It also helps to have a front row seat to watch another budding young star fulfill their own potential.
"When my dad worked for the Leafs, William Nylander lived at our house for a month or so," Jack recalled. "He was such a nice guy who would take us golfing and out to lunch. It was a neat experience seeing somebody who was so talented carry himself in such a humble way and it was a lot of fun watching him light it up for the Leafs last season."
With a trio of puck-crazed boys all chasing their hockey dreams, life can get pretty intense for the Hughes family. That's why Jim says it's crucial to put a little "fun" into the fundamentals.
"One of Jack's favourite things to do is hit the outdoor rinks with his brothers and buddies. It's great to be out there under the moon and the stars and get away from all the pressure of performing for coaches and parents. They spend hours on the pond playing shinny and it's a fantastic way to decompress and remember what the game is really all about."
Soon, though, it will be back to a more pressure-packed environment. Hughes was expected to go first overall in this year’s Ontario Hockey League draft. Instead, he was selected with the eighth pick by the Mississauga Steelheads. That's because Jack made it known that he was passing on major junior to suit up for the U.S. National U-17 program in Plymouth, Michigan, with an eye on eventually playing in the U.S. college ranks. Jack’s brother Quinton just graduated from the US National development system and will be lacing up with the University of Michigan Wolverines in NCAA Div. 1 men’s hockey this fall. Cousin Teddy Doherty was also in the NCAA and recently graduated from Boston College (the alma mater of dad Marty, another Eagles alum) before joining the AHL and ECHL this past season.
Born in Florida when his dad worked as a coach with the minor league Orlando Solar Bears, the American option is available to Jack and even though he loves the idea of following in his family’s footsteps, he admits foregoing the OHL was a tough decision.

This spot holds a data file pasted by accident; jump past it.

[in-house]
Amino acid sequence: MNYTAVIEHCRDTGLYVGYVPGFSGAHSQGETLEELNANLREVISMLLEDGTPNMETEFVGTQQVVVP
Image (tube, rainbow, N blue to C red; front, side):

After all, that's the league where the Connor McDavid legend really began to sprout wings.
"We don't mention Connor's name too much around our house," laughed Jim. "Jack obviously loves watching Connor and all the good young NHL players do their thing. But right now, he's just concentrating on being a kid and not getting too far ahead of himself."
The future will take care of itself.
But the present is definitely pretty exciting, as Jack Hughes receives the well-deserved honour of being the HockeyNow Player of the Year.Back to Top
1) Yale Hockey Academy forward Jake Chiasson named the 2018 HockeyNow Minor Hockey Player of Year in B.C. powered by HockeyShot
2) OHA Edmonton forward Sean Tschigerl named the 2018 HockeyNow Minor Hockey Player of Year in AB powered by HockeyShot
3) Former HockeyNow Player of the Year Bowen Byram making Giant strides in the WHL
4) The 2018 HockeyNow Minor Hockey Players of the Year ready for the next level
5) Toronto Marlboros defenceman Jamie Drysdale named the 2018 HockeyNow Minor Hockey Player of Year in ON powered by HockeyShot